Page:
Although only about a third of taxpayers itemize deductions, itemizers may be found at all levels of AGI. Changes in deductions will alter relative tax burdens within narrow income classes.
Limiting the particular deductions put into play by the commission will focus costs on specific industries—health care, housing, and real estate—rather than be spread more broadly among all taxpayers. Employer-paid pensions and relatively expensive health insurance plans are enjoyed more by workers in the manufacturing sector and workers in well-paid white collar occupations. That aside, the current provisions directly benefit the health insurance and health care industries.
Capping the deduction for mortgage interest strikes at the housing and real estate sectors, with benefits varying geographically. Mortgage interest deductions are higher where housing is more expensive—especially major cities and wealthy suburbs on the East and West Coast.
The current proliferation of deductions certainly increases the complexity and economic distortions of the income tax. In general, simplification in this realm could be beneficial. Unfortunately, the very uneven pattern of benefits arising from existing deductions is itself an obstacle to reform. One would not want to duplicate this pattern under a simplified system, and one could not in any case, while flattening these benefits makes for difficult politics.
Any specific deduction can raise additional, thorny issues. For instance, it does not necessarily follow that the more expensive the health insurance benefit, the higher-paid is the worker. Workers in hazardous occupations might carry more expensive policies than higher-paid workers in safer occupations. A cap on the exclusion for health insurance could hurt the fireman more than the stock broker. Efforts to fine-tune this tax provision defeat the purpose of simplifying the system. Another example is the mortgage interest deduction. Limitation could pop some regional housing bubbles, creating “upside-down mortgage”2 situations for many families.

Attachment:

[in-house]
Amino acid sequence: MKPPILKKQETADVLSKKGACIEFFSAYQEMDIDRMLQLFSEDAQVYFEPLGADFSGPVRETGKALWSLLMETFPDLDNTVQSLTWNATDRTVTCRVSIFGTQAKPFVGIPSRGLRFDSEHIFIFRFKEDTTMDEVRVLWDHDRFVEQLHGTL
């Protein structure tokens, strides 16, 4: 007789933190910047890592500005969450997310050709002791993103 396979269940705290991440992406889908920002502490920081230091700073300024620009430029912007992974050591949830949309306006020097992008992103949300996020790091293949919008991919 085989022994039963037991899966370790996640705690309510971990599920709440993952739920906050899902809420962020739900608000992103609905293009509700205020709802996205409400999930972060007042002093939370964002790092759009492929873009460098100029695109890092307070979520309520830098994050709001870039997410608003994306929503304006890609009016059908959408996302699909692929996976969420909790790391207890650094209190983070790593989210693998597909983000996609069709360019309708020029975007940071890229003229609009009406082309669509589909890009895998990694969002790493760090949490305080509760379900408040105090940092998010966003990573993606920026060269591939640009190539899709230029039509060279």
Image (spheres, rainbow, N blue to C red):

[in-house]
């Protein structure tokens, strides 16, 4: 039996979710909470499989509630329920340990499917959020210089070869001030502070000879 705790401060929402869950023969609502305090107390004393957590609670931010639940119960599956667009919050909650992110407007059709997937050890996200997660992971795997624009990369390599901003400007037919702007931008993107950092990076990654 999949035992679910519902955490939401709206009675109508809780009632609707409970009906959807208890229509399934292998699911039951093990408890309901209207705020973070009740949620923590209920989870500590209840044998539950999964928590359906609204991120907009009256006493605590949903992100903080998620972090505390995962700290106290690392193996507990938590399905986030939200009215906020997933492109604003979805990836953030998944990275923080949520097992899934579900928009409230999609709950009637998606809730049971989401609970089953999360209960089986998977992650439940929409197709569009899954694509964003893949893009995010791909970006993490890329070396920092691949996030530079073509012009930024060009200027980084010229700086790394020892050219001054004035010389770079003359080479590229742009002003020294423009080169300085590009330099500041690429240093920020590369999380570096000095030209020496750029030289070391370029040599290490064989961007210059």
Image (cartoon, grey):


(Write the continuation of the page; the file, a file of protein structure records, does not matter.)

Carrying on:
As noted above, an additional theme in commission proceedings is the idea of converting deductions into credits. In a progressive tax system with graduated marginal tax rates, a deduction always benefits the higher-income person more. The reason is that the taxpayer’s higher marginal tax rate makes the deduction more valuable. If one is paying 35 cents on the dollar of taxable income, a dollar of ded
uction is more beneficial than if one only pays 15 cents.
Whatever the rate at which the deduction is converted, it is worth the same to anyone with sufficient positive tax liability to `soak up’ the credit. Converting a deduction into a credit eliminates this advantage and makes the system more progressive. The exception is low-income taxpayers with little or no income tax liability. For them neither a credit nor a deduction has any value unless the credit is `refundable’—unless the taxpayer gets the cash value of the credit in the event his or her tax liability is too small to use up the credit.
In our example above, conversion of a deduction into a credit does not necessarily help the fireman if the value of the credit is less than the deduction it replaced. For example, let’s say the fireman in the 15% bracket is getting a family health insurance policy that costs $12,000 a year, tax free. This deduction is worth 15% of $12,000, or $1,800 in tax savings. If it is converted into a credit at the 15% rate, he is no worse off. But if the tax-free amount is capped at $10,000 for a credit of $1,500, he is out $300.
A few large deductions do not add much to the complexity of the tax system. Dealing with mortgage interest or state and local income tax is usually very simple. The taxpayer need not keep records. They receive notice of the relevant amounts, and it’s just a matter of adding a number to a form. The information is separately reported to the IRS, facilitating enforcement. The worker-taxpayer does not have to know his employer-paid health care costs, since it is automatically excluded from his gross income on the W-2.
It is more the proliferation of deductions and credits that add to the complexity of the income tax. Some provisions may be small in terms of total revenue cost, but to a given individual taxpayer, a particular benefit could be extremely important.
Alternative Minimum Tax
Limiting deductions and exclusions raises revenue. The intent of the commission is to use this revenue to offset the abolition of the Alternative Minimum Tax (AMT). The AMT is a complex add-on to the individual income tax, originally aimed at preventing wealthy persons from using many deductions to escape tax liability. Under the AMT, certain deductions are, in effect, taken back, thus increasing taxable income. After using a single standard deduction, AMT rates are applied to the remainder. If AMT taxes are higher than regular income taxes, the higher amount is due in tax.